“By trying to present what is happening as a blessing, the opportunity to take our time and thereby find inner balance, we simultaneously deny many people the right to completely different emotions,” says coach and yoga teacher Indra Aimi Rai. “Our obsession with trying to stay positive at all costs leaves them no chance to acknowledge and express bitter feelings, without which it is impossible to reflect on this difficult experience.”
Those who are now experiencing anger, aggression or a state of panic feel guilty for not being able to “pull themselves together” and simply enjoy the unexpected free time. “I wake up and am afraid to open my eyes,” Olesya admits. – It’s hard for me from the unknown, from the lack of confidence in what will happen to my work and income, whether it will be possible to protect my health. I can’t concentrate on reading or exercise – heavy thoughts are spinning in my head. When I call my friends and they tell me about the online training seminars and yoga classes that are now taking place, I feel only worse. “
“Today many people admit this to therapists, who are encouraged by the world around them not to lose their good humor,” says psychologist Marina Miaus. “Those who fail to do so experience even more stress.”
We begin to go to the other extreme and romanticize our confinement, refusing to admit that this is a real challenge to mental well-being. “What is happening in many reveals long-standing childhood traumas, usually caused by a lack of connection with a loved one and a loving person,” says Indra Aimi Rai. – The fact of isolation turns out to be a trigger of childhood experiences, when we in the same way could feel left and defenseless. Most live with trauma, not realizing it and only facing the inevitable symptoms: addiction, depression, low self-confidence, increased anxiety. “
No one is doing better or worse. We all have a right to feelings – and this is our way of getting through a difficult time.
However, in everyday life full of social contact, working and meeting with friends, we have learned to cope and suppress our feelings and emotions. This explains well why many of us find it so difficult to relax, being alone, and we are constantly trying to keep ourselves busy.
“On the one hand, being able to stop and face the experiences we’ve been running from for so long seems rewarding,” says Rai. – On the other hand, right now, when we are deprived of any support from the outside, and self-isolation turns out to be additional stress, it is not the best moment for such deep insights.
Only those who have already had a similar experience can use the time for meditation and breathing exercises for their own benefit. As a yoga teacher, I am well aware of the benefits of movement. At the same time, I would venture to suggest that most people will not be able to concentrate on the practice of meditation for a couple of minutes now. Our nervous system is over-stressed. Even just closing your eyes, you risk causing an attack of panic, a return to difficult memories and associations. “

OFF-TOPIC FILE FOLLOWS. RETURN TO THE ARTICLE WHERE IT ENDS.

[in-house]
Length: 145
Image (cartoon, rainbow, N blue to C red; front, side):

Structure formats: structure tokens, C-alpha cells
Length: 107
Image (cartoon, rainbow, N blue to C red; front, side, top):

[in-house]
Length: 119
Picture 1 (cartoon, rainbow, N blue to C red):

Of course, we will learn a lot from this period. Someone will learn to be grateful to life for those little things that they did not appreciate before. Someone will fondly remember the experience of communicating with loved ones. However, for many, this is a serious internal crisis from which they have to get out. “Of course, any experience is important,” says Marina Miaus. – It’s good that you enjoy your break from work. It’s great that you like to devote yourself to home or to educate yourself. However, it is natural that you find it difficult to get out of bed, you feel weak and apathy. None of us is a loser or a winner in this situation. No one is doing better or worse. We all have a right to feel – and that’s our way of getting through a difficult time. “
If we manage to support each other right now, this will be the road to healing.
When we get angry at others who are careless about self-isolation, we calm ourselves down and distract ourselves from anxiety. True, this does not add love to humanity. But we can regain this feeling, if even in this difficult time we take the place of another. And this love will open up new strength and resources in us to survive the quarantine, says clinical psychologist Jill Weber.
Matured children share their experiences with friends much more willingly than with their parents. This is quite natural, because peers understand each other better. As a rule, the most responsive and sympathetic adolescents voluntarily become “psychotherapists”, but this mission is often risky, explains psychiatry professor Eugene Berezin.